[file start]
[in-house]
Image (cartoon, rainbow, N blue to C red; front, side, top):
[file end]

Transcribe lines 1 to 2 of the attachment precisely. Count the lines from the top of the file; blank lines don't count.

[in-house]
Image (cartoon, rainbow, N blue to C red; front, side, top):